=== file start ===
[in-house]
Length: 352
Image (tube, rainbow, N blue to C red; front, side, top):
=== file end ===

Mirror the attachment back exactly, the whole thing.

[in-house]
Length: 352
Image (tube, rainbow, N blue to C red; front, side, top):